“You know, Councilor,” a voice said from the woods. “You really should know better.”
Aurora spun around, her nerves lashing tight around her power. It was always worst when she was startled or afraid. There was a figure standing in the dark of the trees, hidden by the deepening shadows of twilight. She could make out that it was cloaked, which already marked it as not native. At least not to this part of Galavaria.
“So you know who I am, I guess,” Aurora said. “Care to return the favor?” The cooling night air crackled around her. She smelled ozone. Time to clamp down more.
“I don’t see any reason to,” the voice said. “I do, as they say on Earth, hold the cards here.” The figure was preternaturally still. Aurora was beginning to wonder if it was alive or just a decoy.
“Out with it then,” Aurora said. “You can probably see my patience is wearing out.” This time she purposely let a small slip. A tiny void peeled open in front of her, collapsing with a roar as air rushed to fill it.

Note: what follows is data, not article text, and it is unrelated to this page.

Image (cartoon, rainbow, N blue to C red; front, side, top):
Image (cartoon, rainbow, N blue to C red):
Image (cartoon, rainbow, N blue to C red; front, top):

“Now, now,” the voice said with aggravating patronization. “Don’t get ahead of yourself. You haven’t heard what I’m here for.”
“Let’s see,” Aurora said. “Creepy cloaked figure in the shadows. Vaguely threatening comments. Overconfidence in the face of utter destruction. I’d say you’re about to divulge some threat or another. So, as I said, out with it.”
There was a laugh contained in the voice now. “I swear. Do they teach all Councilors to be arrogant bastards? Fine. To the point. You should have known better than to bring someone out here. Someone that couldn’t pull on entysiana to help them. Even in a paradise like this, you should know that there’s never a safe place for people like you. Or the people you care about.”
Aurora paled. The chill air of the night hit her as blood drained from her skin. She had only left the apartment for an hour. Had they gotten to Isabella? How…? Then the air around her flared into heat again. Right. It wasn’t worst when she was afraid.
It was when she was angry.